Sounds a bit crazy I know, but I have experience.  I gave up complaining for Lent last year — it turns out to be much harder to do than giving up beer or chocolate, because you have to be conscious every waking hour.  It turns out that it can be done.  I engaged my family.  They became quite adept at spotting a complaint and telling me about it on the spot.  The trick was to put a tally application on my smartphone so that I could quickly and easily log each complaint.  The same power of pale ink, writing it down when it happens, works on this front too.

I have managed to really make this a good habit. It helped that I focused on this one last year as well. All in all, eliminating complaints is going well. Another A rating.

10. Change my discretionary spending habits for the better

Last year, I started jotting down (yes, in the smartphone again) every time I spent money on a discretionary item.  My definition of discretionary is not necessary, which is an interesting concept in our current age: is spending on your smartphone service ‘necessary’?  (I think it is ;-) )   A better example for discretionary for me is ‘do I need another T-shirt when I have a hundred in my closet’ but its really up to each person to define their own version.

This year, I will do two things.  First, I will get rid of impulse purchasing completely.  If I see something that I want, I will write it down in my task management software for one week minimum before returning to the scene on the crime to purchase it.  I think most things, once you think them over, wind up not getting purchased at all.  Secondly, I will continue to write down all purchases… little purchases, often small and mostly useless, tend to add up.  If you don’t write them down, its easy to forget where the money went.

Got an A here too.  I have it all jotted down and even managed a 6 week period without a single purchase in the discretionary category.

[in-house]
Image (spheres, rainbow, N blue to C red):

Spring Time Adjustments / New Targets

Lots of A’s but one F. #2 and #7 will be the focus of the Spring.

I think the list is ambitious enough without adding more. Overall, I’m happy with 2011’s progress on nearly every front. One simple way to make things better will be to review this list twice each week.  In the winter quarter, several weeks would speed by without a true review of what I want to have happen regarding resolutions.

Feb 142011

Imagine winning the Superbowl without a playbook of plays your team has learned and will execute with precision.

Imagine building the house you live in without an architect first creating blueprints.

Imagine building a new highway interchange without surveying the ground and skipping the creation of plans on paper.

Imagine that you are the leader of a SWAT team, invading a bank where the bad guys are holding hostages without looking at the building plans to see how the rooms and entries are positioned.

Or imagine invading a city full of insurgents without detailed intel, scouting, and a carefully drawn up plan of action.

It is hard to imagine success in any of these attempts without clear, specific, detailed plans and contingency plans, isn’t it?

So, why do 95% of adults go through their life, day after day, week after week, month after month, without a written list of their top 10 personal goals? For the slim minority that do have a written goals list, what percentage do you think convert that one line goal into distinct projects and then step-by-step tasks with milestone dates, to achieve that goal?  The answer is less than 1 in a 100.

So, right now, lets see what a difference pale ink / thinking on paper can make. Pick one of your goals that is a pretty significant one, perhaps achievable in 6 months or a year if you get started soon. Pick any one of your goals. Right now. Grab three blank sheets of paper and a pen. Let’s scribble up a rough plan.